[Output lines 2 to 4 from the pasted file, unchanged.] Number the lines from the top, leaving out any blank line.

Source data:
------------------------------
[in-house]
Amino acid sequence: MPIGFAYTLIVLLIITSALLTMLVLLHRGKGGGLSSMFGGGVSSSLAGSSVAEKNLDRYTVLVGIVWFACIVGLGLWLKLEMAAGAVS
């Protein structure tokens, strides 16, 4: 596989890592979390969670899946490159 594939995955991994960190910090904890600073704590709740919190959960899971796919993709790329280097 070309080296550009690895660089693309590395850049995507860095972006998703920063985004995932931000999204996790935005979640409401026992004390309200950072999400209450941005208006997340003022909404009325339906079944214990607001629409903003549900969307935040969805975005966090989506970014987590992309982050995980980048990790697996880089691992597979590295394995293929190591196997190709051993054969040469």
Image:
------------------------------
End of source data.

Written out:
Amino acid sequence: MPIGFAYTLIVLLIITSALLTMLVLLHRGKGGGLSSMFGGGVSSSLAGSSVAEKNLDRYTVLVGIVWFACIVGLGLWLKLEMAAGAVS
């Protein structure tokens, strides 16, 4: 596989890592979390969670899946490159 594939995955991994960190910090904890600073704590709740919190959960899971796919993709790329280097 070309080296550009690895660089693309590395850049995507860095972006998703920063985004995932931000999204996790935005979640409401026992004390309200950072999400209450941005208006997340003022909404009325339906079944214990607001629409903003549900969307935040969805975005966090989506970014987590992309982050995980980048990790697996880089691992597979590295394995293929190591196997190709051993054969040469």
Image: